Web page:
Fig. 5

Spares partial least squared correlations (sPLS) between dominant bacterial genera and identified metabolites. sPLS in regression mode (predict Y from X) to model a causal relationship between bacterial genera and metabolites. Bacterial genera represented in green boxes. Red boxes are metabolites significantly increased in LOS, blue boxed significantly increased in controls, yellow boxes are not significantly altered between LOS and controls. Significant metabolites based on the samples at diagnosis (time point 0)

Discussion

We explored gut microbiome and metabolome factors that are altered in the development of LOS in preterm infants and show that the dominant taxa in the gut microbiome are usually isolated in diagnostic blood culture. Control infants had greater microbiome development and prevalence of PGCT 6 (Bifidobacterium dominant). Novel untargeted stool metabolomics on a subset of samples showed that metabolite profiles are significantly different between LOS and control infants at diagnosis and 7 days later. Stool metabolites from a range of pathways/sources, especially sucrose and raffinose, tended to increase in controls through time compared to LOS infants, where they remained low prior to and at diagnosis. Finally, combining omic datasets to explore correlations between the microbiome and metabolome showed Bifidobacterium was positively correlated with metabolites significantly increased in control infants.

The gut microbiome has been previously implicated in the pathogenesis of LOS [39], with whole genome shotgun sequencing revealing the exact strain in diagnostic blood culture can be detected in stool [9]. Our data concurs, showing the species cultured from blood was typically abundant from birth and corresponds to the most or second most abundant OTU in the gut at diagnosis. One exception occurred where the microbiome was dominated by Klebsiella and Escherichia, but S. epidermidis was isolated in blood culture. Due to the prevalence of S. epidermidis on the skin, this organism is a common contaminant of blood cultures, however, it is also commonly associated with preterm sepsis [22]. It is possible that different mechanisms are in action where LOS results from organisms that typically colonise the skin, for example, through compromised skin barrier from venepuncture, heel pricks etc., than where the mechanism is of translocation of gut bacteria [23].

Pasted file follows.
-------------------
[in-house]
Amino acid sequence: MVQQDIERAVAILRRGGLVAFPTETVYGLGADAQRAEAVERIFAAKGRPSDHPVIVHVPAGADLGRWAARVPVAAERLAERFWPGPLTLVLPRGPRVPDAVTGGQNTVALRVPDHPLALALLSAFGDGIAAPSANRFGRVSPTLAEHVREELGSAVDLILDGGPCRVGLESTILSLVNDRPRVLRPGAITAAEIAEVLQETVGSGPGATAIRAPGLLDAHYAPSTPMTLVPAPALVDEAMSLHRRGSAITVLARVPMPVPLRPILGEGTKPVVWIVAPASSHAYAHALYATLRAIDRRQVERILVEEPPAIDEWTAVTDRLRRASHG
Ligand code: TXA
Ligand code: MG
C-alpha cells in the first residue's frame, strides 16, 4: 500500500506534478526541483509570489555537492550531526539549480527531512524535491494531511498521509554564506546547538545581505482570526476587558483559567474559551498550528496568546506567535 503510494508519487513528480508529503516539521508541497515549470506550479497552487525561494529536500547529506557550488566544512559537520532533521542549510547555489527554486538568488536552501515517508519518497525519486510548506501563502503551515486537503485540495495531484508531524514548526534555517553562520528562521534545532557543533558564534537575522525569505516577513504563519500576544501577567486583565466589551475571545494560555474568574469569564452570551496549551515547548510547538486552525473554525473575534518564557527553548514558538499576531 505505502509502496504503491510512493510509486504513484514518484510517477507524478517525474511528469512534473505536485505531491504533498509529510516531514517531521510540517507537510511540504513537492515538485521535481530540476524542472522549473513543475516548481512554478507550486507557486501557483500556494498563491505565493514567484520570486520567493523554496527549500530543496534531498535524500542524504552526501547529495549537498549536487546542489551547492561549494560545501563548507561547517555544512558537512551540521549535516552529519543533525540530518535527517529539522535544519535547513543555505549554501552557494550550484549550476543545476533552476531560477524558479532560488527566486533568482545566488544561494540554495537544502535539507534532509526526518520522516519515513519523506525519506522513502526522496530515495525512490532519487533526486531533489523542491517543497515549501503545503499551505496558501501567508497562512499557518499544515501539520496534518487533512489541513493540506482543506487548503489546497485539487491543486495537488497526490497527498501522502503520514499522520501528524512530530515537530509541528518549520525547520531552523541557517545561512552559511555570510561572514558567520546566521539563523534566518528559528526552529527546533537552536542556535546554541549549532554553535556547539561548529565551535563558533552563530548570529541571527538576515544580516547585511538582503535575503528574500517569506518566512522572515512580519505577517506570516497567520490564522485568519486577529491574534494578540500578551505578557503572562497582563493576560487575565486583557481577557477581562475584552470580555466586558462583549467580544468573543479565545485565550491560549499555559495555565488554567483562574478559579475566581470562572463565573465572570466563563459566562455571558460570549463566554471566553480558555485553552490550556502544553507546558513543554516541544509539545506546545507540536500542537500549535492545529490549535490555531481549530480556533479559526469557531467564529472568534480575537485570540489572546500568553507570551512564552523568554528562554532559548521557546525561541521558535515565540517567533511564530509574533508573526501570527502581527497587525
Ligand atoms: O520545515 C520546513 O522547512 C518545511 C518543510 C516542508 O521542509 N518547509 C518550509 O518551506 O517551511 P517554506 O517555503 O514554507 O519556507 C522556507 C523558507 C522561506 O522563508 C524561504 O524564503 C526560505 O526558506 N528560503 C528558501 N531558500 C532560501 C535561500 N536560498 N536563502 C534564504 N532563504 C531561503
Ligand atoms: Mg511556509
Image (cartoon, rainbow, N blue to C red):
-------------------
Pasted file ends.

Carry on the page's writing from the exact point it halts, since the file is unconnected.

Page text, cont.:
PGCT 6 (Bifidobacteria dominant) was only found in control infants, detected in nearly half of all control infants (43%), but whether this is a cause of gut health or a marker of gut health is unknown. The potential health-promoting properties of Bifidobacterium are well reported [2429]. Although the largest existing probiotic trial of 1315 preterm infants found no significant improvement to NEC or LOS rates using Bifidobacterium breve [30], only specific species of Bifidobacterium in the preterm gut are able to utilise human milk oligosaccharides (HMOs): these species appear to have key roles in establishing the pioneering species of the gut [31]. While B. breve produce fucosidases and sialidases, only Bifidobacterium longum subspecies infantis are able to digest all HMO structures [32]. The differences between timing, dose, and most importantly the Bifidobacterium species/strains used are likely to account for the inconsistent health benefits between Bifidobacterium probiotic studies. In a separate cohort, we have previously shown that Bifidobacterium bifidum deliberately administered to preterm infants can colonise and persist in threefold greater relative abundance following discharge, compared to control infants [33].

Metabolomics was employed to determine if the changes in gut microbiome were reflected at the functional level and if metabolic markers for LOS could be detected. LOS samples grouped distinctly at diagnosis (sensitivity of 75% and a specificity of 89%). Previous work has shown serum metabolite profiles [13] and stool volatile organic compound profiles [18] altered between LOS infants and controls within 3 days of onset, but no single metabolite being diagnostic of LOS. We found no differences in stool metabolites 14 or 7 days before diagnosis. Although significant in the unadjusted models, following adjustment for potential confounders, no metabolite was significantly increased in all LOS infants. This suggests the pathogenesis is of acute onset, with multiple aetiological components affecting individual infants differently.